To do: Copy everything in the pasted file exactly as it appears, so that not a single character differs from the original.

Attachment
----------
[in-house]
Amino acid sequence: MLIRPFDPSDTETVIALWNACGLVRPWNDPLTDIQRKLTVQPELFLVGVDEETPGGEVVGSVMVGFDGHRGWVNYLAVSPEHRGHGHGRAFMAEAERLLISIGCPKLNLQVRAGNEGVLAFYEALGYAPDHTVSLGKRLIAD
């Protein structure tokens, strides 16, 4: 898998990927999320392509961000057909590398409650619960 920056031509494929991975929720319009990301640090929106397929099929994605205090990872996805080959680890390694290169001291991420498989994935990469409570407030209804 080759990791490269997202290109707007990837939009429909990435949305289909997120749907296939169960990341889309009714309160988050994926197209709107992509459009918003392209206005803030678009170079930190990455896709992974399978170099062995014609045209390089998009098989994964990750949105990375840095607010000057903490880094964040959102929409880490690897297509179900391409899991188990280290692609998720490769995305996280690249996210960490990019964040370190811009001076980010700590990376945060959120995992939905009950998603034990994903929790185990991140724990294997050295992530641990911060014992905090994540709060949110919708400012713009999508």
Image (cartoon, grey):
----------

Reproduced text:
[in-house]
Amino acid sequence: MLIRPFDPSDTETVIALWNACGLVRPWNDPLTDIQRKLTVQPELFLVGVDEETPGGEVVGSVMVGFDGHRGWVNYLAVSPEHRGHGHGRAFMAEAERLLISIGCPKLNLQVRAGNEGVLAFYEALGYAPDHTVSLGKRLIAD
């Protein structure tokens, strides 16, 4: 898998990927999320392509961000057909590398409650619960 920056031509494929991975929720319009990301640090929106397929099929994605205090990872996805080959680890390694290169001291991420498989994935990469409570407030209804 080759990791490269997202290109707007990837939009429909990435949305289909997120749907296939169960990341889309009714309160988050994926197209709107992509459009918003392209206005803030678009170079930190990455896709992974399978170099062995014609045209390089998009098989994964990750949105990375840095607010000057903490880094964040959102929409880490690897297509179900391409899991188990280290692609998720490769995305996280690249996210960490990019964040370190811009001076980010700590990376945060959120995992939905009950998603034990994903929790185990991140724990294997050295992530641990911060014992905090994540709060949110919708400012713009999508």
Image (cartoon, grey):